In addition to the existing requirement under the Retirement Villages Act, where the resident is a registered interest holder, the Rules of Conduct require the operator to provide within 5 business days of a request, information and documents for the sale of the resident’s premises including:

  • General enquiry document and disclosure statement;
  • Access to documents to be made available to prospective residents; and
  • Contracts the operator may offer to a prospective purchaser.

Representations made by operators

It is an offence for an operator to make representations that are false or misleading in any promotional material for the retirement village or a particular unit within the village.

The Rules of Conduct require warnings to be placed in marketing material such as:

“You may have to pay a departure fee when you leave this village”
“You will have to share any capital gains received with the operator of this village”

The details are set out in Part 3 of the Rules of Conduct.

Internal dispute resolution

The Rules of Conduct generally provide that operators must ensure residents are encouraged to raise concerns and do nothing to discourage a resident from pursuing an internal dispute.

The operator must have in place a written procedure publicly available on the operator’s website posted on the notice board of the retirement village and provided to all residents for:

  • The resolution of complaints by residents; and
  • The resolution of internal disputes between a resident and the operator or between 2 or more residents.

Operators must keep records of complaints and internal disputes for at least 5 years.

Village contract information meeting

A new Section 69A of the Retirement Villages Act entitles a resident to request a meeting with the operator to provide information on the termination of a village contract including estimated departure fee, recurrent charges, estimated sale price and other information relating to vacating the premises.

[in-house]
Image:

The resident may nominate one or more persons to represent the resident at the meeting or attend the meeting with the resident. The operator is not obliged to meet the resident for this meeting more than once each calendar year.

The operator must provide a written summary for the meeting of the current contract information. In the Guidelines “Village Contract Information Meeting” further details are provided together with a checklist and template.


The Rules of Conduct set out obligations on operators for the management and training of retirement village staff. This includes the following:

  • Written policies and procedures for the selection, training and ongoing supervision of the operator’s staff; and
  • Records of the training and professional development of the operator’s staff to be kept for at least 5 years.

The Rules of Conduct set out detailed requirements for the management policies and procedures and extra requirements where staff are involved in internal dispute resolution.

Consultation on further reforms

In July 2019 the NSW Government published a Discussion Paper on the following reforms:

Buy back obligation

Requiring a village operator to pay an exit entitlement to a resident after the following periods from the date the resident permanently vacates:

  • 6 months for a village in the Sydney Metropolitan area; and
  • 12 months for villages in other areas.

​Currently there is no requirement for the operator to buy-back the premises for registered interest holders, whereas non-registered interest holders must receive their refund after 6 months.

​The Discussion Paper considers such issues as defining the Sydney Metropolitan area, determining the commencement of the relevant periods, calculating fair property values and providing for hardship provisions for operators.

Limit on recurrent charges

A 42 day limit on the length of time villages can charge for general services, after a resident permanently vacates.

​Currently under Section 152 of the Retirement Villages Act 1999 (NSW) a former resident who is a registered interest holder is liable to pay recurrent charges for general services typically until a new resident moves in.

The Discussion Paper suggests that it would be beneficial if both reforms were introduced simultaneously and it would be beneficial to “grandfather” both reforms rather than to allow them to apply to existing contracts retrospectively.


It is an opportune time for retirement village operators to check to ensure that they have properly put in place all the reforms that have commenced to ensure that their retirement villages comply with the new reforms prior to the commencement of the offences under the Amending Regulations on 1 January 2020.

This article was written by Christopher Conolly, Partner.